People who have been diagnosed with diabetes often feel overwhelmed or powerless at times. They do not know where to get the knowledge and skills needed to help manage their chronic illness.
Diabetes Self-Management Education and Support (DSMES) services offered at Phelps County Regional Medical Center (PCRMC) help ease learning and empower individuals who have been diagnosed with diabetes.
“We teach participants how to manage their diabetes and not let diabetes overwhelm or control them,” says Jessica Fisher, RN, diabetic nurse educator at PCRMC.
Unlike some other diseases, medicine alone cannot be used to treat diabetes. Nutrition, exercise, monitoring blood sugar levels and support are ways that DSMES help participants better manage their diabetes and develop healthy lifestyle changes. “Our service complements treatments by providing resources to aid in successful management of diabetes,” Fisher says.
Understanding the causes and symptoms of diabetes increases people’s awareness of the disease. The information and support provided by PCRMC’s diabetes nurse educators encourages participants to determine what lifestyle changes they need to make in order to improve their health and well-being.
PCRMC’s Diabetes Outpatient Clinic provides both group and individual sessions and is designed to meet the participants’ needs. This service is not about doing everything for the participants but rather providing the tools necessary to actively engage and motivate healthy behavioral changes.
Once a primary care provider referral is received, an appointment is made and participants meet with diabetes nurse educators to learn about the services provided by DSMES, identify barriers impacting their disease and identify the goals for diabetes education they want to accomplish.
One option available is a 10-hour diabetes education curriculum divided into four classes, each focusing on a different aspect of diabetes self-management such as basic diabetes information, nutrition and meal planning, monitoring blood sugar and recognizing patterns, sick-day management, short- and long-term complications, screenings and current medications involved in the treatment of diabetes.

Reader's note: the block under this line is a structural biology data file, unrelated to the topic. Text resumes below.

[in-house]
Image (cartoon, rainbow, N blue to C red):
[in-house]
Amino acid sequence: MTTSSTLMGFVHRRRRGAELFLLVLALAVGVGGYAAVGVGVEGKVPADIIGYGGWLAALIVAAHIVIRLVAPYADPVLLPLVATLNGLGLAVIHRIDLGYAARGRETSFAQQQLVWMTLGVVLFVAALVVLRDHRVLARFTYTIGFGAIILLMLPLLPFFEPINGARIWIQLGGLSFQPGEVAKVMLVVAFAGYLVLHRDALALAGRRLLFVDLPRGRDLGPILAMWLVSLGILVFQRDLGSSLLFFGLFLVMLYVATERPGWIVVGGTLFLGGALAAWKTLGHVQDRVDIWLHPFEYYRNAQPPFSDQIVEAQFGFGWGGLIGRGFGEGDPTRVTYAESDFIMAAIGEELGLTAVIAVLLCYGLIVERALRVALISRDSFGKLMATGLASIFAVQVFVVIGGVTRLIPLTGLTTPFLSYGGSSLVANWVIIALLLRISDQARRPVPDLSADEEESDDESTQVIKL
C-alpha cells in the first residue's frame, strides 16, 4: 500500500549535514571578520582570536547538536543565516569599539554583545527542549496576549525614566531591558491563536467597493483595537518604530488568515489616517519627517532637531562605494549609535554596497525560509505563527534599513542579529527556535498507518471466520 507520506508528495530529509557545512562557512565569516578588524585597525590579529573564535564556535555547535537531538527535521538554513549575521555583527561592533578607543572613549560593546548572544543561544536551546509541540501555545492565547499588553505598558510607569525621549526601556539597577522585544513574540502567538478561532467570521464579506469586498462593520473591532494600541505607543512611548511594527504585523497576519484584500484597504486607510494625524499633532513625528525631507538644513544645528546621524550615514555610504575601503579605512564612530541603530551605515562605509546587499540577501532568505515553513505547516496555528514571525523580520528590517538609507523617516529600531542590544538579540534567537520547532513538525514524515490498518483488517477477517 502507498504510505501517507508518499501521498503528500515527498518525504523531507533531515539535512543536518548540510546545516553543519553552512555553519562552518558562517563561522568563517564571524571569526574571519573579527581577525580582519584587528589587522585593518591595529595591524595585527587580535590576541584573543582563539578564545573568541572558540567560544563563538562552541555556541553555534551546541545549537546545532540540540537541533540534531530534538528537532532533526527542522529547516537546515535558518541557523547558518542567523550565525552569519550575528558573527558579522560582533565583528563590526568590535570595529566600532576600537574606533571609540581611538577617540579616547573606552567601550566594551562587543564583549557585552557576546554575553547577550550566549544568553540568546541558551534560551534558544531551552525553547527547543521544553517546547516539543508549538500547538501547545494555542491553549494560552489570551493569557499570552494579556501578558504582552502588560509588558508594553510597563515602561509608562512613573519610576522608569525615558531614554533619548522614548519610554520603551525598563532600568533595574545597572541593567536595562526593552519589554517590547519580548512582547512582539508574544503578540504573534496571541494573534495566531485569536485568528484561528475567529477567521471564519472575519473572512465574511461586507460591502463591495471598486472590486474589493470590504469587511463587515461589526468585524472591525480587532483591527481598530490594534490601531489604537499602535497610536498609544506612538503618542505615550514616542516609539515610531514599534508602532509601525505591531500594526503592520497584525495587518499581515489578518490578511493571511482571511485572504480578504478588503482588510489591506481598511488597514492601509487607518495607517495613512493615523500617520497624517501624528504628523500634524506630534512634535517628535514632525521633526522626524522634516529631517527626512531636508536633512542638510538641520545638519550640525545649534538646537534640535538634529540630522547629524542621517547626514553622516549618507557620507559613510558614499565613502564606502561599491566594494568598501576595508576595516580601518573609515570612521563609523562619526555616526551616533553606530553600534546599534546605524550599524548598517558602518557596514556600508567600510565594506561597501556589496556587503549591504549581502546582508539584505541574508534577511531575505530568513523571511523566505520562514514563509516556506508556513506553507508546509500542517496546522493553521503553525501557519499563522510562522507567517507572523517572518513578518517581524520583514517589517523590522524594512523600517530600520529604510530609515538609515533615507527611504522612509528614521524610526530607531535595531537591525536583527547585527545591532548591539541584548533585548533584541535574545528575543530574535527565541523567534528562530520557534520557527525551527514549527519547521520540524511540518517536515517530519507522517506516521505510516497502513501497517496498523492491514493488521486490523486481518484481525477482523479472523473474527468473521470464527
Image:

Establishing realistic goals while participating in DSMES is key to the successful management of diabetes. Diabetes nurse educators help participants create achievable goals and then evaluate the impact their goals have on their life with diabetes.
Additional services available for DSMES are meter teaching, insulin administration and management, survival skills to manage low blood sugar, glucagon administration and management, and medical nutritional therapy. PCRMC diabetes nurse educators can help with whatever individuals need to meet their challenges.
While participants may have met their goals, care does not stop there. PCRMC diabetes nurse educators continue to follow up with patients at three months, six months and annually. “We care for these individuals just as they were our own family members,” Fisher says.
PCRMC offers a free diabetes support group for diabetes patients, their family members, caregivers and anyone interested in finding out more about diabetes. The support group meets the first Saturday of the month, except for January, July and September, from 10 a.m. to noon in PCRMC Private Dining Room 2.
The PCRMC Diabetes Outpatient Clinic offers services in Rolla and Waynesville. For more information, call 573-458-7314. Services provided at the PCRMC Diabetes Outpatient Clinic require a referral from a primary care provider, internal or family care provider.